A couple of theories of wildlife population dynamics are summarized here in order to reveal the "Miracle of Compensatory Mortality" and the "harvestable surplus."
Readers can claim extra credit for remembering that these are not the only theories in population dynamics (or biology or ecology), that they don't explain everything that happens in natural or artificial systems, and that there's always more to know than what the lobbyists and the conspiracy theorists are choosing to say.
General Population Dynamics.
A basic reality of life for wild animals is that each year, some will be born and some (including some of the newborns) will die.
A basic theory of wildlife population dynamics is that the size (and other characteristics) of a population of a given species in a given environment will tend to stabilize somewhere near the environmental carrying capacity (e.g. somewhere near the point at which the animals have enough food and cover to be successful on an ongoing basis).
On the birth side of the above population-stabilizing equation, wild animals tend to reproduce in excess. Not all of the young survive, but some do, to replace individuals from previous generations who don't.
Following from the general population dynamics described above, a basic theory of recreational hunting & fishing (i.e. "game management" which some might overextend and call "wildlife management") is that wildlife populations will tend to compensate for animals that are taken by hunting & fishing. Although there are at least two compensatory functions--increased birth rate or decreased mortality from other sources--the latter makes for much better media coverage, so it's the only one we hear most about.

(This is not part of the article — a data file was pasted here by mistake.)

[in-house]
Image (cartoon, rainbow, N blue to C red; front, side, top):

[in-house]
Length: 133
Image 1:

First, the "good news" is that, even though the particular causes of mortality might vary from year to year, the overall levels of mortality in a stable population will tend to stabilize. So, the theory goes, if recreational hunting & fishing cause modest levels of mortality (below the natural, overall level of mortality), then nature will tend to "compensate" with lower levels of mortality from other causes. Thus the theory of "compensatory mortality," that animals that are taken through hunting & fishing are spared worse deaths from other causes.
And then the "bad news"--without such a pretty interpretation--that the compensatory reaction can also be through increased birth rate. In other words, although the hunting & fishing mortality will add to the overall level mortality, the animals that are taken will be replaced by their orphaned young. Right, that doesn't make for such great media coverage. It's more along the lines of the recovery of human populations following natural and man-made disasters. If one takes a high-level view (say from an aircraft window) the recovery of a destroyed human city might be spun as a testimony to the courage and determination of human civilization. At ground level, however, it is cruel.
Many, many corollaries spring from the theory of compensatory mortality--as if it's not just a theory, and as if they're not just corollaries. The faith-based approach to "game management" is to spin as many hunting & fishing practices possible into "Revelations of the Miracle of Compensatory Mortality" including (but not limited to) the following:
Snapshot of the abstract:
Cooley, Hilary S., Robert B. Wielgus, Gary M. Koehler, Hugh S. Robinson, and Benjamin T. Maletzke. 2009.
Ecology 90 (10): 2913–21.